I really loved the magical transportation system Jemisin has set up in the palace-citadel of Sky. Instead of elevators, everyone uses teleporters navigated by thought—which requires a certain amount of concentration to get you where you want to go. This might not be entirely original, but it's certainly uncommon enough to be notable. And Jemisin incorporates it smoothly without much fanfare and minimal exposition, creating a sense that this is just normal, and we have to deal with it that way. I love it when authors incorporate magic into the quotidian operations of their alternate world—if magic really is that common, it should be harnessed for normal activities, like getting around.

Similarly, Jemisin takes the "word is magic" approach, where the language of the gods allows its speakers to shape creation. In this way, scriveners who learn that language can create persistent enchantments based on the gods' alphabet. It is a nice twist on rune magic. On the verbal level, this forms an important part of Yeine's journey of self-discovery as she explores the fundamental differences between the mortals and the gods.

Also, Yeine's persistent powerlessness perplexes and irks me. Jemisin establishes her as a capable and competent heroine who is determined to escape the trap into which she has been thrown by her family members. Yet her she spends most of the novel unable to do all that much except wander around Sky contemplating her doomed fate and conversing with various gods and servants. I don't mind it when a novel is mostly meditative, but there is much less political intrigue here than I was expecting—and what little intrigue we get is uninteresting and unengaging. It's not for Yeine's lack of trying, but she doesn't do much until the climax and her literal apotheosis. By that point, however, some people might have stopped reading.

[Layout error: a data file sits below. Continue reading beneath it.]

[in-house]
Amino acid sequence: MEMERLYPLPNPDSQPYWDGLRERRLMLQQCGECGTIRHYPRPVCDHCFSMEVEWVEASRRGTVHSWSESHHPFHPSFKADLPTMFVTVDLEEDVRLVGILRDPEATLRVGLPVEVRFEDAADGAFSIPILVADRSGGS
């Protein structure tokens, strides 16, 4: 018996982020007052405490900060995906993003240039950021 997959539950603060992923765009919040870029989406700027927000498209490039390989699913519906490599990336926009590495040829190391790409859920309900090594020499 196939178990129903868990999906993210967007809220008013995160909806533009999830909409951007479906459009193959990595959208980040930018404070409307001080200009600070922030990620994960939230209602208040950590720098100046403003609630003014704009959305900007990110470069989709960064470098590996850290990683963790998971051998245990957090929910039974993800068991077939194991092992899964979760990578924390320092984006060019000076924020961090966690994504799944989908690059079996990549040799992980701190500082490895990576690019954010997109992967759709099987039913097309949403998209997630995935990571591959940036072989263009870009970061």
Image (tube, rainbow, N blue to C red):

The Hundred Thousand Kingdoms has a lot of interesting elements to its story. Jemisin's take on the incarnation of gods in the mortal world is, if not unique, handled very well. The story begins with an interesting set up, and the resolution is intriguing even if it wasn't what I expected. Unfortunately, it meanders from the former to the latter as if its obligation to maintain my interest is a formality, not a necessity. The book simultaneously promises the epic, political conflict implied by its title and a personal, family conflict. With the emphasis on the latter, the former gets lost in the shuffle. The resulting book is more of a series of conversations between Yeine and other people, with a little suspense thrown in for good measure. It's a good effort, and other people might enjoy it, but for the most part I was underwhelmed.

Engagement